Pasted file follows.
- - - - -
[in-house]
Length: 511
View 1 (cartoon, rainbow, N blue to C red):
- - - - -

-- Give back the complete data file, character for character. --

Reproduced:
[in-house]
Length: 511
View 1 (cartoon, rainbow, N blue to C red):